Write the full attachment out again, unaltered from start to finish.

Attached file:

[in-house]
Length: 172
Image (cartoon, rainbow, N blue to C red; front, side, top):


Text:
[in-house]
Length: 172
Image (cartoon, rainbow, N blue to C red; front, side, top):